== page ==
Research: UW’s research expenditures continue to expand. In the fiscal year that ended in June, the university had an increase of more than 100 grant proposals compared to the previous year, and $1.5 billion in federal grants, an increase of over 15 percent from the previous year.
Diversity: Since 2020, the university has raised $50 million from donors for the Raimey-Noland Campaign, a new initiative to enhance diversity, equity and inclusion across campus, including scholarships, faculty support and academic programs. In recent years, the university has hired dozens of diverse faculty across the university through the TOP program launched by Blank.
The share of students of color in UW’s freshman class is just over 25 percent, an all-time high, and the share of underrepresented students of color in its freshman class is also at an all-time high of 14.8 percent.
Enrollment and student experience: The university continues to be highly sought after by students and parents, with a record 8,400 freshmen attending after a record 54,000 applicants.
Rankings: The university continues to perform strongly in rankings. UW–Madison was ranked 25th worldwide by the Center for World University Rankings. Washington Monthly recently named UW-Madison the top public university in the country and 4th overall.
Fundraising: This fall, the university celebrates the end of the most successful fundraising campaign in its history – raising $4 billion. UW–Madison has announced a string of transformational gifts, including a commitment from John and Tashia Morgridge and the Wisconsin Alumni Research Foundation (WARF) for $175 million to launch the School of Computer, Data & Information Science (CDIS).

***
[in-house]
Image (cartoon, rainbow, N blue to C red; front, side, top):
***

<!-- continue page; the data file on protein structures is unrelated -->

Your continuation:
Faculty Strength: As part of the campaign, 255 new endowed faculty positions have been created, an increase of 300 percent. Blank also restarted the university’s cluster hiring initiative, which enables transformational research in forward-looking fields such as artificial intelligence, the origins of life and astrophysical data, among others.
Outreach: During Blank’s tenure, UW Extension and Wisconsin Public Media both were reintegrated into UW–Madison, deepening the many connections the university has across the state. Blank has traveled the state regularly, meeting with businesses, political leaders, regents and alumni groups.
COVID-19 health and safety: The university is highly vaccinated with a 93 percent overall vaccination rate. COVID-19 infections have remained low, allowing more than 90 percent of classes to take place in person.
Amid all these areas, Blank says that the best symbol of success at UW–Madison comes during spring Commencement, which under her direction became a single ceremony at Camp Randall celebrating students and their families.
“So many of our faculty and staff contribute to that day,” she says. “You see the difference this university makes in students’ lives as we walk down the aisle to confer degrees on our students. Nothing matches that feeling.”
In addition to her accomplishments at UW, Blank’s contributions to academic and policy worlds have been recognized with numerous national and international awards, as well as honorary doctoral degrees.
Most recently, she was named 2021 Distinguished Fellow by the American Economic Association, while also receiving the 2015 Daniel Patrick Moynihan Prize from the American Academy of Political and Social Science. Blank has been a member of the American Academy of Arts and Sciences since 2005.
She serves as the chair of the Big Ten Council of Presidents and Chancellors, on the executive committee of the Association of Public and Land-Grant Universities and on the NCAA Board of Governors.